GPU giants Nvidia has cautioned users to patch their Windows PCs with new security updates that focus on fixing a specific high-severity vulnerability. Furthermore, the patches deal with four other flaws that could be exploited.

Several flaws in Nvidia GPU driver technology could give bad actors the ability to create denial of service attacks and escalate their privileges. It is worth noting, the flaws are deemed high severity although users will need to have local access to the machine.

Nvidia talks of one of the bugs that it seems the most problematic with a severity rating of 8.8 out of 10 despite the need for local access. The flaw causes problems in a component that logs trace levels of the video driver.

“When an attacker has access to the system and creates a hard link, the software does not check for hard link attacks. This behavior may lead to code execution, denial of service, or escalation of privileges,” Nvidia explains.

Nvidia says driver updates are needed across its Quadro, GeForce, NVS, and Tesla services on Microsoft Windows PCs.

More Vulnerabilities

Nvidia also discusses four less severe flaws that are part of security fixes in its latest GPU updates:

“Windows GPU Display Driver contains a vulnerability in DirectX drivers, in which a specially crafted shader can cause an out of bounds access of an input texture array, which may lead to denial of service or code execution.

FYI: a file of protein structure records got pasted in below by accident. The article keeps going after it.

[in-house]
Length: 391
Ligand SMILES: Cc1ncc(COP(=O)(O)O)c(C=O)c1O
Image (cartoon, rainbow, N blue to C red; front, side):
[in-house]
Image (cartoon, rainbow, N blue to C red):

Windows GPU Display Driver contains a vulnerability in DirectX drivers, in which a specially crafted shader can cause an out of bounds access to a shader local temporary array, which may lead to denial of service or code execution.

GPU Display Driver contains a vulnerability in the kernel mode layer (nvlddmkm.sys) handler for DxgkDdiEscape in which the software uses an API function or data structure in a way that relies on properties that are not always guaranteed to be valid, which may lead to denial of service.

Windows GPU Display Driver contains a vulnerability in the kernel mode layer (nvlddmkm.sys) handler for DxgkDdiEscape in which an incorrect use of default permissions for an object exposes it to an unintended actor, which may lead to information disclosure or denial of service.”